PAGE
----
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Tucked away in the medina is Cafe Clock, one of our favorite places to eat, whose ambiance is second to none. It’s worth climbing the 4 flights of stairs to the top to enjoy dinner on the terrace, high above the medina below. Their menu features local Moroccan favorites as well as Western dishes. It’s vegetarian friendly, and the food and service are both top-notch. A real treat is the iced lemon tea, which is more like a tea slushy. My favorite meal was the aubergine and goat cheese quiche with salad and potato wedges. They also do a killer cooking class, which I highly recommend checking out!

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A trip to Morocco would be remiss unless you

try the mint tea. Consisting of green tea, loads of fresh mint leaves, and sugar (and sugar and sugar), it’s a distinctly sweet, fresh taste that isn’t easily forgotten. Mint tea is typically served hot and in a clear glass, and can literally be found everywhere. Most shops will even offer it for free if you have been shopping there a while.

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My food research yielded a gem that I thought would be impossible to find, but as luck would have it, I stumbled upon it, and I’m glad I did! I read about this man who sells 2 Dirham (20 cents) cookies called macarons, which are large, lightly browned cookies with a slightly crunchy outside and a chewy inside. They were described as the best peanut buttery-tasting cookie ever, and that description is dead on! I was waiting outside of a shop for my friends, when this guy walked by with a tray of cookies on his head. He was shouting “Two Dirham!” as he went by, and it wasn’t until he had passed me up that it dawned on me. Cookies for 2 Dirham! That must be the guy! I caught up with him and bought 3 cookies, one for each of us. After one bite, I was in heaven. I went back to buy a dozen more for us to munch on throughout our time in Morocco. What I’d give for another one of those…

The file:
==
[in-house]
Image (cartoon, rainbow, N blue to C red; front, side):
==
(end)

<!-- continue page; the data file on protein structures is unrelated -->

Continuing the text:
I could seriously devote an entire blog post to all the delicious food I had in Morocco…next time!